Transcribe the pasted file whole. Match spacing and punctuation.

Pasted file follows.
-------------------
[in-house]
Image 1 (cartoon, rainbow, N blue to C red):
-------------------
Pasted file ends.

[in-house]
Image 1 (cartoon, rainbow, N blue to C red):